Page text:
People v. Michael Mox


AD4 order dated May 6, 2011, reversing judgment of conviction after a guilty plea. Decision below: 84 A.D.3d 1723, 922 N.Y.S.2d 686. Nancy E. Smith (AD dissenter), J., granted leave to People August 8, 2011. Argued November 13, 2012. (Taken off SSM.)

ISSUE PRESENTED: Whether the defendant’s plea was knowing and voluntary where, in his plea allocution, he said that he had acted in a "psychotic state," and whether the defect in the allocution comes within the Lopez exception to the preservation requirement since it cast significant doubt upon his guilt.

Issue: Where defendant was charged with second-degree murder and pleading guilty to eed manslaughter for killing his elderly father after stabbing him and striking him in the head with a blunt instrument, and, during allocution, defendant said on the date of the crime that he had been "hearing voices," was in a "psychotic state," and had not been taking his prescribed medication, whether court should have granted defendant’s plea withdrawal motion notwithstanding defendant’s one-word assent to court’s question to defendant that he had discussed potential psychiatric defense and was willing to forgo it to plead guilty.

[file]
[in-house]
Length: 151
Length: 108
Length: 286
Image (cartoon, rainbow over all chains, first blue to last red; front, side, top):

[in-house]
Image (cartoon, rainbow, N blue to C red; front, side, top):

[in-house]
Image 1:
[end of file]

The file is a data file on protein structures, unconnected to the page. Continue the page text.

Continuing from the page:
Held: Defendant’s statements that he was in a psychotic state and hearing voices on the day of the crime "signaled that he may have been suffering from a mental disease or defect," and may have been "unable to form the intent necessary" to commit manslaughter. The court’s duty under People v. Lopez, 71 N.Y.2d 662 (1988), to ensure that defendant was knowingly waiving psychiatric defenses was not satisfied by it’s single question, to which the defendant provided a one-word answer. 

  CAL observes: In dissent, Judge Smith observes that, while the defendant’s comments about "hearing voices" required the court to ask defendant whether he was aware of psychiatric defenses, the court satisfied its obligation under by asking him whether he’d discussed those defenses with his attorney. The majority found that defendant’s one-word response was inadequate, as a matter of law, to satisfy the court’s obligation to ensure that defendant was knowingly pleading guilty.  

Open questions stemming from this decision include whether information from sources other than the defendant's own statements (such as motion papers available to the court) would also trigger the court's duty to inquire.